Friday, October 25, 2013
Currently I rotate two pairs of jeans. All my others are a bit tight and I'm ok with that right now. Maybe I took the advice of an Italian boutique girl too literally when she told me to 'buy the tightest pair you can button'. If they are too tight I don't want to wear them!
So for now I'm enjoying alternating my two comfortable pairs. They are by Diesel and the style is Ronhoir (‘regular boot cut’). I tried on a million pairs of Diesel jeans at the time and these fitted me best around the waist and hips so I bought a blue wash and a dark-ish brown blue wash in the same style.
You may already know that Diesel jeans are not cheap, and in the past I’ve been a cheap jeans wearer. Well, I took my husband’s advice that ‘jeans are worth spending money on’ and now I am a convert too. I love their comfort and how they look on me, but I always coveted a straight or skinny pair.
Our Diesel shoes sales rep told me he knows of people who have taken their jeans in successfully. At the time I thought to myself, I’m not going to pay ‘that’ much on jeans and then cut them up, but after quite some time had passed and my jeans weren’t brand new anymore (even though they have kept their shape beautifully and still look good) I decided to give it a go.
This is how I did it. It was such a great success that I did my second pair just the same, and I’ve been loving them ever since. It’s easy if you have a sewing machine, or a tailor could do it in not too much time (so not too much cost). It’s the best wardrobe fix ever if you have jeans that you like the fit but want to update the leg.
I washed them and then turned inside out. I unpicked the hems right round and ironed flat. Then I laid the jeans out on the carpet and actually pinned them onto the carpet, to keep them flat and smooth. I took them in on the outside seam, because that seam did not have top-stitching on the outside, whereas the inside seam did.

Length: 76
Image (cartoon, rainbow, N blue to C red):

I ruled a straight line from just below where the pocket/outside seam topstitching ended (about mid-thigh) to the bottom hem fold line, where I had marked about 1.5 inches in. I initially tried 2 inches in from the outside seam (that's double overall, as there is two inches on each side) but when I did a tacking stitch line to try them on they were too tight. I didn’t want them to look like leggings.
You don’t have to be too perfect about it, especially if there’s a bit of stretch in the denim. My first pair was a hand-drawn line pinned, and it looks the same as my second pair where I got more perfect with a pinned out tape measure to give me a straighter line.
After you’ve stitched your seam, zig-zag or overlock and then trim the fabric off. Try on along the way before you commit to the seam finishing and trimming. Next, simply flip the hem back up again and stitch around (it will go up easily since the folds were there to start with, just make sure you match the fold lines when you pin and stitch).
If you are like I was you will get an excited feeling in your tummy that you have a new and stylish (and sexy!) pair of jeans in place of your previous nice but slightly boring and mumsy ones. No purchase or decluttering necessary.
This simple change has made a huge difference to my current uniform of either an ironed blouse/shirt or knit top/t-shirt with my ‘new’ jeans and either heels or ballet flats. I feel more gamine and youthful and French and chic, and who doesn’t love that.
Today I have them rolled up to a) to feel summery and b) so I don’t get dark blue denim marks on my red suede Clarks ballets.